Among the other annoying pitfalls is the improvements section, which does the bare minimum. Although it is possible to restore health by eating some of the available fruit or directly craft elemental arrows once the ammunition types have been collected, the rest is ultimately under-exploited. Starting with the absence of any bow or sling upgrades, which are replaced by sketchy uninteresting crafting. The same goes for upgrading our character’s armor, which is limited to finding badges, and then benefiting from a little more health. All this is really under-exploited, and while the fighting phases are based on the same mechanics from the previous Horizon games, the whole thing is still quite basic in its approach.

Having said that, we can console ourselves with a few brilliant ideas, and a structure that manages to keep us on our toes at least. Among the very few good ideas are the infiltration phases. Here, it’s possible to sneak from bush to bush, in order to avoid the primitive robots scanning the surrounding area. The result is a series of small sequences that try to vary the game’s progression as much as possible, but are limited to wavering between climbing and bow or slingshot battles. As for the level design, it remains linear overall, but still offers a nice verticality, and sometimes alternative paths. However, these are no more than a farce, since they all lead to the same point…

Last but not least, there are “puzzles”, with big quotation marks. These simply involve repairing mechanisms that need to be found in order to continue your journey, and… that’s it. There’s nothing more to it, and we’d have liked these puzzles to be more elaborate… In short, there are many good ideas that, in practice, fail to be exploited to their full potential, which is a complete waste.

The title offers several side modes. As you wander around the Shadow Carja HQ, you’ll be able to talk to certain characters with dialogues that don’t add anything, but you’ll also be able to reach a challenge hub. This serves no purpose other than to shoot arrows and try your hand at climbing, in order to achieve the best possible score. As you can see, the challenge mode is so marginal that you’ll only be there for a short time.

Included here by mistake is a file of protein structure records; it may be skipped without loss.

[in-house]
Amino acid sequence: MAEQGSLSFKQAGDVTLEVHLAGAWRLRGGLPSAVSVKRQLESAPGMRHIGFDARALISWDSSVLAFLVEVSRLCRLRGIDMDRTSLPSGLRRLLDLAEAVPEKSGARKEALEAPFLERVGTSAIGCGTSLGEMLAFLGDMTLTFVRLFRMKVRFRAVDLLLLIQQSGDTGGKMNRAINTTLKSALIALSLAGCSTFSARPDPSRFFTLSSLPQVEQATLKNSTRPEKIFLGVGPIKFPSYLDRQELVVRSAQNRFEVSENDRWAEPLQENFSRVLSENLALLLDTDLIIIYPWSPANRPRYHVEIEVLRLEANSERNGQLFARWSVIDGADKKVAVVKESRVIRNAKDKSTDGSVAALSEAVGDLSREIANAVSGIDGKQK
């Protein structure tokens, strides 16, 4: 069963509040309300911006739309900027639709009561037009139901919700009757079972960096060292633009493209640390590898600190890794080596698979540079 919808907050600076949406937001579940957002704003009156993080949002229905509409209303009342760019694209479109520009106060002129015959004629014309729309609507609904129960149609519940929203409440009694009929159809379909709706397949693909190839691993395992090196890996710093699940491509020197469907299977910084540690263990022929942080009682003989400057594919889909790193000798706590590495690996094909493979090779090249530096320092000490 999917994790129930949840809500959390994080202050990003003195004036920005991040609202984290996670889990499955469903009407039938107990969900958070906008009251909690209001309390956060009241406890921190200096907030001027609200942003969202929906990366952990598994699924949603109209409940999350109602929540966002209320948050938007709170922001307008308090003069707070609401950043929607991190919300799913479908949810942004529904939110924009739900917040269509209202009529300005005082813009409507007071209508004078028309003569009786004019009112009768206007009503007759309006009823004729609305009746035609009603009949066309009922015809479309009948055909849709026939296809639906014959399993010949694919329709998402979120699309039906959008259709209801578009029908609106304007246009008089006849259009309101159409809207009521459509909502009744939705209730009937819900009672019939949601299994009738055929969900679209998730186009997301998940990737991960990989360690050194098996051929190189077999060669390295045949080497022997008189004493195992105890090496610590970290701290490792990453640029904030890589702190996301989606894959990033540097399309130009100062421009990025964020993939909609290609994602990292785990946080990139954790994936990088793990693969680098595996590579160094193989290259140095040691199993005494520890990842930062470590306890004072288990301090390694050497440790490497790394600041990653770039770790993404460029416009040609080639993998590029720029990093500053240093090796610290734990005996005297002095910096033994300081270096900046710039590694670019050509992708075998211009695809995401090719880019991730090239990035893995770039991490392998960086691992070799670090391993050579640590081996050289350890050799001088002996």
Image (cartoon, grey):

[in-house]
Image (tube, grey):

The Machine Safari is another mode which, again, isn’t very exciting. As the name suggests, you’ll be on a boat in the company of another character from the game, who will show you, for 5 minutes, all the mechanical monsters you encounter in the game. In other words, this contemplative mode will ultimately be reserved only for players testing VR for the first time. It’s not really interesting, except as a way of demonstrating the PSVR 2’s potential in terms of resolution and graphical possibilities.

Beyond the modes, Horizon Call of the Mountain has a good idea of including many gameplay options to offer personalized comfort to each player. You can play standing up or sitting down, use eye tracking or not, and adjust the controls. Meaning, you can either use movement by holding down a key, or simply use the joystick to move forward. Basically, there’s something for everyone, and the eye tracking is highly calibrated, super-responsive, and efficient.

Finally, for the lifespan, Horizon Call of The Mountain is too short. While some VR games today can easily reach ten hours or more, Guerrilla Games and Firesprite have the nerve to offer us an experience that can be completed in 5 hours, by taking your time, for a fairly high price at the time of its release, unless you’ve purchased the PSVR pack with the game, it’s well worth it. You can indeed go back to previous missions to pick up a few collectibles, but there’s virtually no point in going back to the game.

There are plenty of positives to be found in this review, starting with the game’s impressive graphics and artwork. The title is already a fine technological showcase for the PSVR 2, as Sony’s new headset not only delivers striking backgrounds, but also a striking graphical look, from the effects to the textures to the clean modeling of characters and creatures. The resolution is equally impressive, showing that PSVR 2 clearly has what it takes. Immersion is also a great success, with the pleasure of getting up close and personal with these numerous metallic creatures. On the other hand, the title isn’t exactly well optimized, with a few calibration bugs, display delays on textures, and slight slowdowns that are a bit of a disappointment.

On the other hand, the artistic side of Horizon Call of the Mountain is as magical as Horizon: Forbidden West. The mountain and snowy scenery is literally breathtaking, and the VR immersion enhances it even further. There’s no denying that the artistic direction is as coherent as ever, and once again a sight to behold. The soundtrack is also top-notch, with top-quality voiceovers and, above all, music that always gives you goosebumps, Guerrilla and Firesprite’s product sticks faithfully to the sound ambiance of previous games. In fact, nothing negative can be said about this aspect, as it seems so close to perfection.

Horizon Call of the Mountain is not a bad game, but it’s not great either. By insisting on drawing inspiration from the many VR games already released, the software has perhaps forgotten to focus a little more on the gameplay that makes the previous two Horizon games so special. Although we’re in familiar territory with rewarding strategic confrontations, combined with a light RPG touch, we have to admit that the game is a disappointment in terms of its progression and, above all, its difficulty, which is both repetitive and lacks challenge. Climbing and combat seem to be under-exploited, and fortunately, the title manages to hold its own with an occasionally brilliant structure, as well as an artistic, technical, and sound direction that once again deserves praise. Horizon Call of the Mountain doesn’t really lack much to be a great VR game, but the result is a AAA production that repeats itself, while also being very short and, above all, sold at a high price. Sadly, the title also loses interest once it’s finished, and the story is missing something on every level. A must-have if you love the Horizon franchise and you own a PSVR 2, but certainly not at full price.